Improved strategies for early identification of specific phenotypic characteristics and biological markers (e.g., electrophysiological changes) of autism spectrum disorder (ASD) would improve the effectiveness of treatment. The invasive nature of collecting primary neuronal tissue from patients could be circumvented by using induced pluripotent stem cells (iPSCs) that subsequently become neuronally differentiated. The successful reprogramming by Yamanaka et al. in 2007 of human fibroblasts from patients with ALS, Parkinson disease, and other disorders into ES cell‐like (iPSC) state and their subsequent derivation into cultured neural cells has served as the proof of principle. These breakthroughs make it possible for us to generate a cell-culture model of ASD by applying the technology for subsequent neural differentiation. In this study, fibroblast cultures from patients (subjects with autism) and non-affected controls were established; the cells were reprogrammed into an ES cell–like state. We clone the reprogrammed cell colonies, propagate them, and induce them to differentiate in vitro into neuronal cultures. Based on our underlying assumption that synaptic transmission is aberrant in autism, these patient-specific neuronal cultures are used for neuronal network analysis using the photoconductive-stimulation system described in Gutierrez et al. Briefly, spontaneous or pulse-stimulated activity of networks is measured by fluorescent-optical techniques, and the structural basis of these patterns analyzed by fractal dimension analysis. We have the capacity to characterize the arrangement and complexity of their axonal architecture. We confirmed this methodology with hippocampal cultures of a rat model carrying the neurolignin mutation R471C‐NL3 (identified in a subgroup of patients with ASD). We are attempting to evaluate membrane excitation and signal transduction in neural cells derived from patients with idiopathic autism.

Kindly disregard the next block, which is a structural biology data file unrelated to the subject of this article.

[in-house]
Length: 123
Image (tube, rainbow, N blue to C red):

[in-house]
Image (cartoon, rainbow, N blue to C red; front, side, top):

We have iPs cell lines from children with idiopathic autism (male patients N=4), normal male siblings of these patients (N=4), unaffected controls (N=4), patients with tuberous sclerosis (N=4); multiple clones of iPs cultures from each group are established. Neural progenitor cells and mature neural cultures were established from these cell lines. We developed a computer algorithm that quantitatively measures connectivity and synchronicity of activation. We are currently demonstrating roof of principle using neural cultures from hippocampal cultures derived from the mouse model of Rett syndrome. Studies are presently under way using normal human neuronal cultures.

ASDs have a significant hereditary component, but the identified genetic loci are heterogeneous and complex. Consequently, there is a gap in understanding how diverse genomic aberrations all result in the clinical ASD phenotype. Gene expression studies from autism brain tissue demonstrated aberrantly expressed protein-coding genes that may converge into common molecular pathways, potentially reconciling the strong heritability and shared clinical phenotypes with its genomic heterogeneity. However, the regulation of gene expression is extremely complex and governed by many mechanisms, including noncoding RNAs. Yet no study of ASD brain tissue has assessed changes in regulatory lncRNAs, which represent a large proportion of the human transcriptome and actively modulate mRNA expression. To determine whether aberrant expression of lncRNAs play a role in the molecular pathogenesis of ASD, we profiled over 33,000 annotated lncRNAs and 30,000 mRNA transcripts from postmortem brain tissue of autistic and control prefrontal cortex and cerebellum by microarray. We detected over 200 differentially expressed lncRNAs in ASD, which were enriched for genomic regions containing genes related to neurodevelopment and psychiatric disease. Additionally, comparison of differences in expression of mRNAs between prefrontal cortex and cerebellum within individual donors revealed that ASD brains had more transcriptional homogeneity. Moreover, this was also true of the lncRNA transcriptome (1, 2, 3, 4). Our results suggest that future investigation of lncRNA expression in autistic brain may further elucidate the molecular pathogenesis of this disorder.